[Editor’s note: Apple patched the ARDAgent flaw described in this article on 31-Jul-2008 in Security Update 2008-005. See “Fixes for DNS Flaw, ARDAgent Exploit Released by Apple,” 2008-07-31 for details, or simply run Software Update to ensure you have this fix installed.]
One of the downsides of increased attention to computer security is that whenever a new vulnerability or attack technique appears, we, the humble users, face an onslaught of hyperbole from the press, security vendors, and bad guys themselves. This is especially true with Apple products, where we face the triple threat of security vendors trying to sell products to a disinterested community that usually doesn’t need them, a press always eager to knock Apple down a notch, and bad guys looking to build their reputations at Apple’s expense. In such a maelstrom of information it is often difficult for average users to separate the truth from the hype, evaluate their personal risk, and take defensive actions.
We watched this cycle kick into full gear during the past couple of weeks, starting with the announcement of a new Mac OS X vulnerability on 18-Jun-08 over at Slashdot. Soon after the unpatched vulnerability was disclosed the major Mac antivirus vendors updated their products and issued press releases to draw attention to the problem. It’s an unfortunate truth that fear and bad news are effective sales tools for security products. By the next day, the first reports of this vulnerability being used in exploits appeared, followed by various news stories, additional alerts from security vendors, and new exploits from the bad guys. But what’s the real risk to users?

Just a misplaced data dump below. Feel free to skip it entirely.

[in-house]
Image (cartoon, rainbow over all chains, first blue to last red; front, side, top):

The good news is, based on the nature of the vulnerability, the risk is low – but the bad news is that this kind of attack could become more serious. As usual, Apple will need to patch this one quickly.
This particular vulnerability is what we call “local privilege escalation.” It enables a user of a system to escalate their rights to “root,” which allows full control over the system. Thus, even if you are running as a regular user or in a guest account, exploiting this vulnerability allows you to escalate your rights to run without restriction. In this case, the Apple Remote Desktop agent (ARDAgent) uses a technique called SUID to run things as root. It’s a common programming technique on Unix systems, but one that often creates security problems. In this case, ARDAgent supports AppleScript, including the command to run other programs, which then run as root. Simply running the AppleScript command
osascript -e 'tell app "ARDAgent" to do shell script "reallybadstuff"'
runs “reallybadstuff” as root, without asking you for your password.
When this first appeared, I wasn’t really worried. The attacker still needs to get you to run something on your system in the first place, and there are some simple things you can do to protect yourself (see Matasano Security’s excellent blog post for more technical information and how to disable the attack). Privilege escalation attacks are typically used in two situations. The first is if someone has physical or remote access to your computer. He uses the attack to become root and install whatever software he wants, or otherwise messes around on your system.